The EB-5 visa program has been a popular vehicle over the past several years for wealthy individuals from around the world to secure residency in the US. Investors commit to placing a minimum of $500,000 or $1 million (depending on the location) in an enterprise that creates at least 10 full-time paying jobs. Real estate projects seem to be the most popular targets for these investments. Regional centers registered with the US government market these projects to aspiring visa-holders and pool the funds. Chinese investors have been the heaviest users of the program, often due to the specter of crackdowns from the Chinese government’s campaign against corruption in the country.

I understand that the program has been used pretty regularly by African investors. It would be interesting to see a breakdown of where EB-5 investors are coming from on an annual basis. There’s not much recent data on the program, but it is facing scrutiny this year due to some cases of fraud. I imagine that data on the program will emerge from Congressional hearings on its efficacy. Something to watch.

LinkedIn Not Paying Attention to Africa Would Be a Huge Mistake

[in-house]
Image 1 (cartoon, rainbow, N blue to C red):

LinkedIn is missing an opportunity to capitalize on its reach into the top management talent around the world to capture the stories of Africa’s top business talent and their experience before and ruing the economic sea change taking place across the continent. The company’s Influencers program has been running for over two years now and it does not have much representation from African thought leaders. I counted at least three.

Africa’s growth story is a big deal. Between 1990 and 2000, GDP growth lagged the global average. Since that time, growth on the continent has exceeded the global average, considerably. Hundreds of millions of people will be moving into the middle class across the continent. Food policymakers are watching the continent while trying to figure out where the food is going to come from to feed the next billion people. How are the top business people across the continent dealing with this growth? What do they read for inspiration? Who are their mentors?